Could You Have A Carbohydrate Addiction?

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Could You Have A Carbohydrate Addiction?

Dr Pradnya Manwatkar, Head of Cosmetic Dermatology and Emodermatology, Skin Mantra Clinic, Mumbai and Thane, shares a detailed perspective on how emodermatology can help tackle food addiction and acne.

Could You Have A Carbohydrate Addiction?

Image Source: Dinodia

I was looking at my acne patient intently after she had stated all her problems. There was a pretty and well-dressed girl with fluent communication yet consistently fidgeting with her fingers as she spoke to me. She seemed to constantly touch her face as she spoke – almost as if she were embarrassed with her acne at age 30. She seemed slightly overweight but not obese and after I asked her about her eating habits – it seemed that she was more in favour of eating the yummy breads that are flooded in the market these days. 

“The bread is all made of multiple grains and not maida!” she added factually, “And I eat them with fibre and protein all the time!” 

I smiled at her and asked, “Do you think food addiction exists? Is there something called carbohydrate addiction according to you?”

Her fidgeting increased and she stared back at me clueless. 

“Yes,” I said, “there is something called the Binge eating disorder (BED) which may be an outcome of carbohydrate addiction”.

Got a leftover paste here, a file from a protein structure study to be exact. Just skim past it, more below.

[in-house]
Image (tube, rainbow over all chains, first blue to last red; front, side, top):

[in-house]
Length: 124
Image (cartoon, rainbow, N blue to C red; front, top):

Randolph proposed the concept of ‘food addiction’ nearly 50 years ago. Food addiction is the development of food sensitivity due to a failure of the individual to ‘normally’ adapt to particular foods. He also pointed out that two important aspects of food addiction were the ‘size of the dose’ and the ‘frequency of use’. 

It was Kemp who coined the specific term ‘carbohydrate addiction’ for a condition that many of the obese exhibit (or near obese or overweight may exhibit). He recognised that people who were obese preferred to select foods high in carbohydrates; milk, bread, refined sugars, cereal grains, and legumes.

“But cereal grains and legumes are healthy, aren’t they?” she claimed with utter disbelief. 

“They are, but when eaten in a certain way and proportion,” I said. 

If one looks at Randolph’s statement, the proportion of the food and the frequency of its use matter a lot. I get a lot of patients with acne and many other skin diseases as well, who claim that they eat “ghar ka khana – home-cooked food”. But when I ask them about when they eat these: The commonest answer is “When I get back from work by 10 pm.” Therein lies the beauty of nutritional science. It is when and how much you eat this home-cooked food that matters. 

For me, eating disorders (BED), or even carbohydrate addictions do not exist for no reason. 

When one eats foods rich in carbohydrates, especially simple carbohydrates like sugar, there is a surge of insulin that leads to gratification. But because the surge is quick, it also equally rapidly falls down – leading to a ‘need’ to feel better often. And this need ‘to feel better’ stems from an inherent lack of knowledge on how to deal with your harmful emotions. 

All our actions are aimed at feeling better, aren’t they? Ask yourself how you feel when you have a piece of broccoli or spinach and when you have that juicy piece of garlic bread. The answer is obvious. 

Also, with the food industry booming, foods are being created to get you addicted. When have you had just one piece of Pringles and stopped? Hard, isn’t it? And let me be honest, it is hard for me too. So as someone who still suffers from the occasional acne, I too have had to ‘de-addict’ myself from this addiction.